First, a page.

Table of contents
About this book
This book addresses the history of the senses in relation to affective piety and its role in devotional practices in the late Middle Ages, focusing on the sense of touch. It argues that only by deeply analysing this specific context of perception can the full significance of sensory religious experience in the Late Middle Ages be understood. Considering the centrality of the body to medieval society and Christianity, this collection explores a range of devotional practices, mainly relating to the Passion of Christ, and features manuscripts, works of devotional literature, art, woodcuts and judicial records. It brings together a multidisciplinary group of scholars to offer a variety of methodological approaches, in order to understand how touch was encoded, evoked and purposefully used. The book further considers how touch was related to the medieval theory of perception, examining its relation to the inner and outer senses through the eyes of visionaries, mystics, theologians and confessors, not only as praxis but from different theoretical points of view. While considered the most basic of spiritual experience, the chapters in this book highlight the all-pervasive presence of touch and the significance of ‘affective piety’ to Late Medieval Christians.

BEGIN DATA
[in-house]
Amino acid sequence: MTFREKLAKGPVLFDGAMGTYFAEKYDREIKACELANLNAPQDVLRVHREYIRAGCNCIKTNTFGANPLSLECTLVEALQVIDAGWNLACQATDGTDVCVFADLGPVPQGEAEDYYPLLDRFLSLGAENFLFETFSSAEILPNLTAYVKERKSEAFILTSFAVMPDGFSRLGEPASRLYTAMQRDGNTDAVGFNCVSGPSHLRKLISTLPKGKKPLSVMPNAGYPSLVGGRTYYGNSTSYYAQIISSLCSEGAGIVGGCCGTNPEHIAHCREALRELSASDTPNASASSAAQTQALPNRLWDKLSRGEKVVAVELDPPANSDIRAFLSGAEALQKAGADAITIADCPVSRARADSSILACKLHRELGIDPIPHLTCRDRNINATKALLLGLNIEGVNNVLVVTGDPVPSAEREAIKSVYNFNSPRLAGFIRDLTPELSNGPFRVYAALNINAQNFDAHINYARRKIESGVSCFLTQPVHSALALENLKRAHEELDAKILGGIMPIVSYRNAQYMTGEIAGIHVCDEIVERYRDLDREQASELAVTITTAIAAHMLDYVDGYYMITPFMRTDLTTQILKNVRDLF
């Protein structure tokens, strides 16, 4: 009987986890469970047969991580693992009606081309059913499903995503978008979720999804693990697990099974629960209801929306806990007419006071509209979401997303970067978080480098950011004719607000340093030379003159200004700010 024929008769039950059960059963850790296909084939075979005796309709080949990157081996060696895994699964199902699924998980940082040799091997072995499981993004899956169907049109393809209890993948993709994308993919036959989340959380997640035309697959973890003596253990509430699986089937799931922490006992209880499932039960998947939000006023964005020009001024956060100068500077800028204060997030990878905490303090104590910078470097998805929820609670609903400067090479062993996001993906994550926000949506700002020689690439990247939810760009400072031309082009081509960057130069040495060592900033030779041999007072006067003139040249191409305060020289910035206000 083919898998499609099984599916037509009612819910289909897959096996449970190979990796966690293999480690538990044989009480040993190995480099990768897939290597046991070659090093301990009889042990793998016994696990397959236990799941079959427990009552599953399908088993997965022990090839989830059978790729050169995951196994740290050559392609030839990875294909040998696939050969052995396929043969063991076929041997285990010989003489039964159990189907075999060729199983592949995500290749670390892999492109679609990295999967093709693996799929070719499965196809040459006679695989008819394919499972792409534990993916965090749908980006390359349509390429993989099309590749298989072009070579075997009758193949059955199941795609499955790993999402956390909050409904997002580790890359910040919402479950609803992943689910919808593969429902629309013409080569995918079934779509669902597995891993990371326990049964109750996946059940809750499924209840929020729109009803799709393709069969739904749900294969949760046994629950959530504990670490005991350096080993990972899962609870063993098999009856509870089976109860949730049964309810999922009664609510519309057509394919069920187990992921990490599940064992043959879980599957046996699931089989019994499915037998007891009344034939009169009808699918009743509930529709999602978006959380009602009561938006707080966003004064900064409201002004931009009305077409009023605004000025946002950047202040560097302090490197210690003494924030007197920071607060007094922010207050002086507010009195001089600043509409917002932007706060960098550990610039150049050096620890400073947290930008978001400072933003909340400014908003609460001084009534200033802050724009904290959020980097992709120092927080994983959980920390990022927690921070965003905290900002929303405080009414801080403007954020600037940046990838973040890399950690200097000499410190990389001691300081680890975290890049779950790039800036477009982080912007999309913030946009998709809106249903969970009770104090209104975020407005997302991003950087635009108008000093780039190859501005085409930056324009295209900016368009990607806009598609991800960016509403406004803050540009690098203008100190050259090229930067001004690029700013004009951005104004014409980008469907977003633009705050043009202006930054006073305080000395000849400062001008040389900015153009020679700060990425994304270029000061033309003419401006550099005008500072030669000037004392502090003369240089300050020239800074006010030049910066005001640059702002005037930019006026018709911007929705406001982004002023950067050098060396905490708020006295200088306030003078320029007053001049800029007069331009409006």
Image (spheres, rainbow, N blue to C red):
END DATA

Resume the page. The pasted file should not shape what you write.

Chapter 3: Drama, Performance and Touch in the Medieval Convent and Beyond is Open Access under a CC BY 4.0 license at link.springer.com
Affective piety Passion of Christ Christianity Body Visionaries Mystics Theologians Touch History of the senses Medieval Martyrdom Spiritual experience